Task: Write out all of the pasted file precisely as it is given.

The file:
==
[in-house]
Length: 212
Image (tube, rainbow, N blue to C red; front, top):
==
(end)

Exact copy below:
[in-house]
Length: 212
Image (tube, rainbow, N blue to C red; front, top):